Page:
Eva Galperin, cybersecurity expert and technical advisor
Big idea: Stalkerware is on the rise. We need to educate the public on how to protect themselves and convince antivirus companies to begin detecting it.
How? Eva Galperin was shocked to discover that an alarming number of people are being hacked by their current or former partners. A common and particularly insidious form of this abuse is “stalkerware,” software designed to track or spy on someone without their knowledge. Stalkers buy a program, install it on their victim’s devices and gain remote access, allowing them see their victim’s every movement, text message or email. When Galperin discovered that most antivirus softwares do not detect these programs, she launched the Coalition Against Stalkerware to raise awareness and advocate for antivirus companies to detect it. She hopes that by next year, antivirus software will be able to offer stalkerware detection to discourage abusers and protect victims.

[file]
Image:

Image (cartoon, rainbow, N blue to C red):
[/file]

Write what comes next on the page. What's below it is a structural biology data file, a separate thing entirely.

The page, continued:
Quote of the talk: “Full access to a person’s phone is the next best thing to full access to a person’s mind.”
Charlie Jane Anders, author and futurist
Big Idea: Dreaming about our collective future is the first step toward creating a better one.
How: The world is changing so fast that no one — not even futurists like Charlie Jane Anders — can predict what it will look like in a few years. Now, instead of trying to predict it, she vaccinates herself against the acute onset of future shock by imagining it in all its wild possibilities. In a process that’s part fever dream and part research-based extrapolation, she constructs future worlds by living them through the characters in her work and speculating about the delights and challenges that could arise. It’s by engaging in such directed flights of fancy, Anders suggests, that we can begin constructing a better world of tomorrow.
Quote of the talk: “You don’t predict the future; you imagine the future.”